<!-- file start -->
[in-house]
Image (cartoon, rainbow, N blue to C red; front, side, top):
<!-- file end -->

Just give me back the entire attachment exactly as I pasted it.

[in-house]
Image (cartoon, rainbow, N blue to C red; front, side, top):